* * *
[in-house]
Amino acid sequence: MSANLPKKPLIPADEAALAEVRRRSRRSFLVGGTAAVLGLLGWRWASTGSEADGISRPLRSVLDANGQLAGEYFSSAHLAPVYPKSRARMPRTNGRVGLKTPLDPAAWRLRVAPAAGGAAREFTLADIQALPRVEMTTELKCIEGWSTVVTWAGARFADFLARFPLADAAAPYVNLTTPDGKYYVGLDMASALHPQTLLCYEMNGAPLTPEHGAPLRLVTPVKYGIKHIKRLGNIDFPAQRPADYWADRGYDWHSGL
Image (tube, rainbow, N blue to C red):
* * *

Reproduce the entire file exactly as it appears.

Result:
[in-house]
Amino acid sequence: MSANLPKKPLIPADEAALAEVRRRSRRSFLVGGTAAVLGLLGWRWASTGSEADGISRPLRSVLDANGQLAGEYFSSAHLAPVYPKSRARMPRTNGRVGLKTPLDPAAWRLRVAPAAGGAAREFTLADIQALPRVEMTTELKCIEGWSTVVTWAGARFADFLARFPLADAAAPYVNLTTPDGKYYVGLDMASALHPQTLLCYEMNGAPLTPEHGAPLRLVTPVKYGIKHIKRLGNIDFPAQRPADYWADRGYDWHSGL
Image (tube, rainbow, N blue to C red):